By Julia Mason
At 5:00 p.m. on a recent school day, 200 new teachers in groups of a dozen fill the available conference rooms of our local district office, even spilling into the hallway, where my group must continually morph to make room for office workers on the way to the elevator. The teachers are here for Way of Council, a component of Los Angeles Unified School District's Beginning Teacher Support and Assessment Program (BTSA) that encourages newer teachers to come together and share their stories, in order to build community and elicit support. Each year, upwards of a thousand teachers participate in Council sessions.
Allowing teachers to tell their stories is critical. We know new teachers are hemorrhaging from urban classrooms, and the effects on students and school cultures are disastrous. We need to support practices that build healthy schools, modeling with adults what we hope to provide for students, and we also need more teachers' perspectives to inform the policies we're enacting to improve schools and raise respect for the teaching profession. One way to help heal the school system is to encourage teachers to tell their own stories. Sharing stories and listening with empathy builds connections among the listeners. The public does not often hear personal stories about the realities of teaching, and these stories add essential data to discussions about education policy.
I have been teaching at Wonderland Avenue Elementary School in the beleaguered LAUSD for 16 years, 12 of them as a support provider for newer teachers. I love my job. I know from my own experience that teachers are too isolated. We need to talk to each other, tell our stories and connect. In Council sessions, that's what we do.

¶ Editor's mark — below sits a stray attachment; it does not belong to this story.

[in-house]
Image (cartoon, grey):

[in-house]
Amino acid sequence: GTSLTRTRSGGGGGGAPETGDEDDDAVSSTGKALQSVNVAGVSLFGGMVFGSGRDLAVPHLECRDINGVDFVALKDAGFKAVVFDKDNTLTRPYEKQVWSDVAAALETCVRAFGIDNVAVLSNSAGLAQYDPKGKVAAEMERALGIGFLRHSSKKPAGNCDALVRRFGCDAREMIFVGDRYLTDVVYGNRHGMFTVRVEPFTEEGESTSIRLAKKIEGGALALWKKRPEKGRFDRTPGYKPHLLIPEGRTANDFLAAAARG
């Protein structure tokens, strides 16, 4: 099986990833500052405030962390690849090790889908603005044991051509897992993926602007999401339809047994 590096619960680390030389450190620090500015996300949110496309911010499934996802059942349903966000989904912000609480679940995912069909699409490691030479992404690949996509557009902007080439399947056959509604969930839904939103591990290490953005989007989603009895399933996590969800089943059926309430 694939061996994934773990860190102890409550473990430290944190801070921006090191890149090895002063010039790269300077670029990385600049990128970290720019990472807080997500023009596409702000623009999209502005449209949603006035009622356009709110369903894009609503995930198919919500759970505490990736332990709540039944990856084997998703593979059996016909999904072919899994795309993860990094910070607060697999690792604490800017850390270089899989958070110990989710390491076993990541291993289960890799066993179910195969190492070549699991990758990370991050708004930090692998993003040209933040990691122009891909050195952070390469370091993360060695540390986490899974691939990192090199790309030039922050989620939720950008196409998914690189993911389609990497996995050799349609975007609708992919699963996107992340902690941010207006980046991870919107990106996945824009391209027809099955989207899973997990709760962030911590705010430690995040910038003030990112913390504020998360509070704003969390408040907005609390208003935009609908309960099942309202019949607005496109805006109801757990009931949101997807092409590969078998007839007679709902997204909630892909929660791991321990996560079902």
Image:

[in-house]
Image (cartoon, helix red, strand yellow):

"Oh good, we're doing Council today," one young teacher comments when he sees circles of chairs in our conference room. Today we are talking about a recent moment of joy - realizing every student is absorbed in a book during independent reading; a visit from an alumnus to thank a teacher for his help; the quality of fifth grade presentations on the digestive system. Teachers from an inner-city downtown high school tell us about the Saturday field trip they organized, a nearly seven-mile walk from their neighborhood to a famous tourist destination. "Does one family live there?" asked one student, who had never seen a private, single-family home. "I'm going to stay in school so we can live like this one day too," another told his teacher.
We hear about challenges, too, such as a conversation with a promising middle-schooler who confides she is pregnant and will leave school. We wince as one teacher comments on her annual Reduction in Force notices - "I feel like a number." Another teacher has changed schools due to RIFs every year of the six she has been teaching, but says, "I lost my job and packed my boxes, but I didn't stop hoping - I can't imagine doing anything else."
We know that it is vital to make opportunities to hear what matters to our students--this practice is at the heart of healthy school communities. At my school, our students write each day about small moments in their lives and the things that matter. Student storytelling helps us get to know each other, to care, to note what we have in common and respect the differences. Teachers need to model this relationship-building when we meet together, and so should principals and administrators.
New teachers arriving for BTSA seminars are often exhausted and preoccupied when they arrive, but as the hour progresses, we hear groaning and laughing. The atmosphere of the room transforms. From hearing hundreds of urgent stories, I know teachers want to feel respected and appreciated. Both new and veteran teachers believe that the quest to improve our craft doesn't end, and we share the need to connect, to collaborate, to feel that our work has value. I have often heard someone speak in Council and gained a new understanding of the values they bring to teaching.
Making time to hear teachers' stories has a two-fold positive impact: Like listening to students, listening to teachers promotes healthier school cultures; and it also offers a window into what matters to teachers and what teachers think can and should be done to improve schools. How do we mend schools and build school cultures that can nurture great teaching? Listen to teachers.
Julia Mason has taught in Los Angeles Unified School District for 16 years.